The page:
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O brave new world, that has such pretty insecticides in it

The world of garden products may be somewhat safer these days, but it’s also a helluva lot more confusing. I lack even a smidgeon of the scientific knowledge necessary to do chemical breakdowns on the various products made by Bonide, Ortho, and the new organic upstarts of the garden pesticide, fungicide, and herbicide industry, but one thing I can analyze without special training is the packaging and price tags of this stuff.

Clearly, there are new do’s and don’t’s in terms of the new regime of gardening products. Here are some of the ones I’ve noticed:

-Black is out. Green is in.

-Curvy, sixties-esque graphics make the grade for “organic” products. Stark, rectilinear imagery—not so much.

-Don’t show pictures of the bugs you’re killing—or repelling. We don’t want to see that.

-Rather than hiding the elixir behind an opaque plastic façade, show it off in a clear bottle. To be honest, I’m not sure whether I should spray that pink stuff on my roses or use it as a spritzer for my martini.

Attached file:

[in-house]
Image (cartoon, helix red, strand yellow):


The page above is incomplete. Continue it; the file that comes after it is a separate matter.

-And, as always, the higher the pricetag, the better the product. Any bottle of garden goodness priced over $20 should be taken very seriously.

I’m glad there are alternatives out there. But are they so much safer or do they just look that way? If the peppermint oil in the pink spray doesn’t get rid of any insects, will it at least not burn foliage or do other harm? Who the hell knows?

We’re all still victims and guinea pigs of market forces here, whether the products are green, blue, black, or red. Add to that the fact that so-called gurus are still telling us to spray cola or beer on our plants and the confusion multiplies. As a magazine editor, I see “green” employed as an engulfing marketing tidal wave. I hope that some of its rivulets actually do good.

Posted by on June 13, 2007 at 5:05 am, in the category Uncategorized.
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12 responses to “O brave new world, that has such pretty insecticides in it”

  1. David in VT says:

    I recommend neem oil as an earth friendly option that’s effective in controlling aphids and preventing blackspot on tea roses.

    The information on the labels I’ve seen is pretty clear.

    It’s the only earth-friendly option I’ve seen for control of lily leaf beetles (Lilioceris lilii), but I haven’t found it to be effective this year. The outbreak in my garden seems to be more than it can handle.

  2. layanee says: